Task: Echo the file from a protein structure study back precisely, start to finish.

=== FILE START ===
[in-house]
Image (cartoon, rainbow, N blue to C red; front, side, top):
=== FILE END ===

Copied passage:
[in-house]
Image (cartoon, rainbow, N blue to C red; front, side, top):